On 10/27/07, Valerie VK <[EMAIL PROTECTED]> wrote:
> > Okay I want to clear this up:
> > GEGL *is* coded (see www.gegl.org), and already in use by a few
> > different applications.
> Much apologies. I was always under the impression that while there
> is a working version, more work could have been used for adding
> features and such. I blame my lack of understanding of what GEGL is
> supposed to Do, as opposed to what it will Allow Gimp to do.
> > It works. Getting it working fast and bugfree, though (for instance,
> > good caching behaviour), will be driven by use in GIMP, which will
> > help to locate slow and buggy areas of GEGL.
> This makes sense.
> > Initial integration will probably be a fussy business, rather than a
> > particularly large one -- making sure that a) it's used right and b)
> > the parts that should use it, do use it.
> Basically, what's needed is a roadmap of how GEGL will be integrated?
> Complete with a definition of all the parts that need to use it, and
> how?
> Maybe this should be developed before a Gimp roadmap is defined? This
> way developers would have a better idea of how much work will need to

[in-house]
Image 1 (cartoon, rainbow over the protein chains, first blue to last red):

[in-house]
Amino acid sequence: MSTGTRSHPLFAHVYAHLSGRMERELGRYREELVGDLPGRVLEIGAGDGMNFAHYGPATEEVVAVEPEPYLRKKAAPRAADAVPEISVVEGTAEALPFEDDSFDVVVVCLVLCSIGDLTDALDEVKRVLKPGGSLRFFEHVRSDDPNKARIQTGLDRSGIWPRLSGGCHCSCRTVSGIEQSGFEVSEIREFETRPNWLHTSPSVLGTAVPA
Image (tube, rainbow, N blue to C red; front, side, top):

> be done to integrate GEGL, and how it can be distributed into different
> releases.

Yes, that would be a good idea. It's easy to get lost in the GIMP
code, so a way to limit what developers need to look at would probably
attract more developers.

> > It's worth a minute to point out the notable, and deserved, absence of
> > adjustment layers from this list.  People have had a few discussions
> > (here? certainly on bugzilla.) about this topic, and it arose that:
> > a) Adjustment layers are generally an ugly, complicated idea
> > b) They are also an unnecessary idea -- the combination of layer
> > effects and layer grouping can produce the same effects in a much more
> > sensible way.
> Thanks for the explanation! I actually had no idea what the difference
> between adjustment layers and layer effects is supposed to be, so didn't
> dare to add it twice. ;)
Actually I think I didn't explain the difference between adjustment
layers and layer effects.

Adjustment layer: a layer that modifies the layers below it, without
actually contributing pixel data. An adjustment layer as used in
Photoshop, has a mask, but no pixel data.
http://www.phong.com/tutorials/adjust/ provides some examples,
including eg. Curves adjustment.

Layer effect: an effect attached to a layer -- for example, "Drop
shadow" is a layer effect provided by Photoshop. Takes the layer pixel
data and applies some effect to it. May have a mask, and does not have
its own pixel data, so the only difference is the way it's attached to
a specific layer.
Peter suggested here:
that layer effects could be thought of (and displayed as) a stack
per-layer, sitting underneath the layer.
Gimp-developer mailing list

Reply via email to